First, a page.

PROMO: Real-time prospective motion correction in MRI using image-based tracking

Magn Reson Med. 2010 Jan;63(1):91-105. doi: 10.1002/mrm.22176.


Artifacts caused by patient motion during scanning remain a serious problem in most MRI applications. The prospective motion correction technique attempts to address this problem at its source by keeping the measurement coordinate system fixed with respect to the patient throughout the entire scan process. In this study, a new image-based approach for prospective motion correction is described, which utilizes three orthogonal two-dimensional spiral navigator acquisitions, along with a flexible image-based tracking method based on the extended Kalman filter algorithm for online motion measurement. The spiral navigator/extended Kalman filter framework offers the advantages of image-domain tracking within patient-specific regions-of-interest and reduced sensitivity to off-resonance-induced corruption of rigid-body motion estimates. The performance of the method was tested using offline computer simulations and online in vivo head motion experiments. In vivo validation results covering a broad range of staged head motions indicate a steady-state error of less than 10% of the motion magnitude, even for large compound motions that included rotations over 15 deg. A preliminary in vivo application in three-dimensional inversion recovery spoiled gradient echo (IR-SPGR) and three-dimensional fast spin echo (FSE) sequences demonstrates the effectiveness of the spiral navigator/extended Kalman filter framework for correcting three-dimensional rigid-body head motion artifacts prospectively in high-resolution three-dimensional MRI scans.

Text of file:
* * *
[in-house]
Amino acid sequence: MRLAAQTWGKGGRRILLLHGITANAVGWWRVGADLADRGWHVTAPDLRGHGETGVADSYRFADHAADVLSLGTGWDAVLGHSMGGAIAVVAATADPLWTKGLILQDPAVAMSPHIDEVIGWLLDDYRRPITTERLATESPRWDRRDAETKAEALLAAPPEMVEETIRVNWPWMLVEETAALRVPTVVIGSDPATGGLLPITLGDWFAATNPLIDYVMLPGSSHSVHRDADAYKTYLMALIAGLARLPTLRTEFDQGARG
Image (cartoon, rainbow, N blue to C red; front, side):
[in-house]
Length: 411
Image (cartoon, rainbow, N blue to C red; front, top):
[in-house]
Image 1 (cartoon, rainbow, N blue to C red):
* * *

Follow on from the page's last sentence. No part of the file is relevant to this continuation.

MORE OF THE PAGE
Publication types

  • Research Support, N.I.H., Extramural

MeSH terms

  • Algorithms*
  • Artifacts*
  • Brain / anatomy & histology*
  • Computer Systems
  • Humans
  • Image Enhancement / methods*
  • Image Interpretation, Computer-Assisted / methods*
  • Imaging, Three-Dimensional / methods*
  • Magnetic Resonance Imaging / methods*
  • Motion
  • Movement
  • Reproducibility of Results
  • Sensitivity and Specificity
  • Software